Grapes -- along with their leaves and sap -- have been traditional treatments in Europe for thousands of years. Grape seed extract is derived from the ground-up seeds of red wine grapes. Although fairly new to the U.S., grape seed extract is now used to treat a number of diseases.
Why do people take grape seed extract?
There is evidence that grape seed extract is beneficial for a number of cardiovascular conditions. Grape seed extract may help with a type of poor circulation (chronic venous insufficiency) and high cholesterol. Grape seed extract also reduces swelling caused by injury and helps with eye disease related to diabetes.
Many people are interested in grape seed extract because it contains antioxidants. These are substances that protect cells from damage and may help prevent many diseases. However, it’s still too early to say whether the antioxidant properties of grape seed extract really benefit people. Researchers are studying grape seed extract to see if it might lower the risks of some cancers. For now, the evidence is not clear.
Grape seed extract has been studied for use in many other conditions -- ranging from PMS to skin damage to wound healing -- but the results have been inconclusive.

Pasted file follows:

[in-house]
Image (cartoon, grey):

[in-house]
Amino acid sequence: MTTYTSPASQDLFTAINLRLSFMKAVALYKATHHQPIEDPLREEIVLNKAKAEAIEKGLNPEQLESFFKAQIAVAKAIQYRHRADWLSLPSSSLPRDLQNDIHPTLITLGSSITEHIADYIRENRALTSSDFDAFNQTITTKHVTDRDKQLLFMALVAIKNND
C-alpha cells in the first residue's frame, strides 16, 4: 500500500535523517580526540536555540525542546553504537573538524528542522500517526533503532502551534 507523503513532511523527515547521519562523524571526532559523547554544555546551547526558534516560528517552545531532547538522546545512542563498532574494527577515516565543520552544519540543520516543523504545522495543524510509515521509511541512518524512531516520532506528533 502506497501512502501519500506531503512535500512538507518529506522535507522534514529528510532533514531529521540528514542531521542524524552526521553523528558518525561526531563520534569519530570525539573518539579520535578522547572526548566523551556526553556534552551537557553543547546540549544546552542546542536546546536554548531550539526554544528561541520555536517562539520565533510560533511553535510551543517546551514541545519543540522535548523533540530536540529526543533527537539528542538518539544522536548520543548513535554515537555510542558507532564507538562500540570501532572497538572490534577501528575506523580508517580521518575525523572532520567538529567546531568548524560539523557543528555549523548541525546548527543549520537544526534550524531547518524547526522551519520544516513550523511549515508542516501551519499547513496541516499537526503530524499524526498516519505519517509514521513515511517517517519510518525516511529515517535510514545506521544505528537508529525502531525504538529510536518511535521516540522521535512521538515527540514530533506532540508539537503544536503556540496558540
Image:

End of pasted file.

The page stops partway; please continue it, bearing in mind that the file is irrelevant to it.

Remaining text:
How much grape seed extract should you take?
There is no firmly established dose of grape seed extract. Doses of between 100-300 milligrams/day have been used in studies and are prescribed in some European countries. No one knows what the highest safe dose is.
Can you get grape seed extract naturally from foods?
Grape seed extract comes from grapes. There are no other food sources.
What are the risks of taking grape seed extract?
- Side effects. Grape seed extract is generally considered safe. Side effects may include headache, itchy scalp, dizziness, and nausea.
- Risks. People allergic to grapes should not use grape seed extract. If you have a bleeding disorder or high blood pressure, talk to your doctor before you start using grape seed extract.
- Interactions. If you take any medicines regularly, talk to your doctor before you start using grape seed extract. It could interact with drugs like blood thinners, NSAID painkillers (like aspirin, Advil, and Aleve), certain heart medicines, cancer treatments, and others.
Given the lack of evidence about its safety, grape seed extract is not recommended for children or for women who are pregnant or breastfeeding.